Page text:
Puntland dismisses Khaire's ouster as illegal, accuses Farmajo of dishonesty
GAROWE, Puntland - The removal of Somalia Prime Minister Hassan Ali Khaire by parliament on Saturday was not only "illegal" but also "dishonest", the federal state of Puntland said on Sunday, in a statement issued by regional President Said Abdullahi Deni, who added that MP's actions were "unwarranted".
Khaire was kicked out in a vote of no-confidence which was engineered by at least 170 legislators during a chaotic session chaired by Speaker Mohamed Mursal Abdirahman, a close confidant of President Mohamed Abdullahi Farmajo. Deputy Prime Minister Mahdi Mohamed Gulaid has since taken over on caretaker basis.
But Puntland insists the removal was "unprocedural" in the manner it was carried out, arguing that the ouster will have negative implications on the stability of Somalia, besides derailing the recent outcome of Dhusamareb talks, where the Federal Goverment and member states agreed to expedite preparations for elections.
Khaire was at the epicenter of the talks between FMS and FGS, where it was agreed that a technical committee to come with an ideal electoral model and date for elections. The team is set to reconvene in Dhusamareb on August 15 where Khaire was expected to lead the FGS side.
And Deni, in a strong-worded statement on Sunday, faulted the dismissal of Khaire, who served for a total of three and half years. The removal, he added, was done in bad faith with an intention of paving way for the extension of the current administration's term, who tenure expires in November.
"What happened there was a blow to Dhusamareb conference. The president agreed that everything he did was wrong. The PM was ready for everything we expect and that is an indirect election," the Puntland leader said, in a statement that could cause rifts with the federal government.
While terming the removal illegal, Deni insisted that President Mohamed Abdullahi Farmajo planned and executed the removal without the knowledge of Khaire, who has been against term extension in the republic of Somalia. According to him, Farmajo is "dishonest" and cannot be trusted.
He said thr former Prime Minister was honest about Dhusamareb conference, something which cost him his seat. He insisted that Puntland is unhappy with the new development, adding that it's likely to destroy confidence that federal states had built in the FGS after the Dhusamareb dialogue meeting.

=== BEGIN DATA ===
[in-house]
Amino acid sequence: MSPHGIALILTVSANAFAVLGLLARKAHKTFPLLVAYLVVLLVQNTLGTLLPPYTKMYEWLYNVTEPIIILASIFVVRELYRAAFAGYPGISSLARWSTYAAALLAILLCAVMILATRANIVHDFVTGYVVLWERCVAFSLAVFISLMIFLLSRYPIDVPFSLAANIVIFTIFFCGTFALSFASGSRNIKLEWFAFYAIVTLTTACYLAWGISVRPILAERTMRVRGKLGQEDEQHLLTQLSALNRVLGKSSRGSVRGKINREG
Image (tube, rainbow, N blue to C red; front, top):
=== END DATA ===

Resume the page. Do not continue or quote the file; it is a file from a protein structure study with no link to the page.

"The president orchestrated the removal and this is something he should be honest with. The Prime Minister was very honest about the talks and this has cost him the seat. We are very unhappy with the new development and it's likely to plunge the country into chaos," he said.
Among others, MPs accused Khaire of failing to find a roadmap for one-person-one-vote elections, which the opposition say will bring about term extensions. Further, they argued, Khaire was unable to deliver a referendum for the much anticipated new constitution in Somalia.
President Deni's sentiments seemed to rhyme with those of former Prime Minister Omar Sharmarke, who exonerated Khaire of the accusations by MP, arguing that the entire government should have taken responsibility for the current electoral quagmire in the country.
"The parliament did not adhere to standing orders in the removal of Khaire. He was not the only federal leader responsible for the quagmire. Parliament, the president and even the speaker should also take blame for the delays," he said in a statement.
Already, Khaire has been backed by the US, Somalia's international partners, and several opposition parties who termed the removal "unconstitutional". The team accused President Mohamed Abdullahi Farmajo of plot to seclude some left from government with an aim of extending his mandate.
While accepting the vote of no confidence, Khaire said the "procedure" was wrong but bowed out for the "sake of peace and stability". He thanked Farmajo and the entire government for "giving me an opportunity to serve our people with dignity and diligence".
Farmajo also accepted parliament's decision, arguing that it was the best remedy to curb persistent wrangles between parliament and the executive. According to Villa Somalia, a substantive Prime Minister will be appointed in a month's time.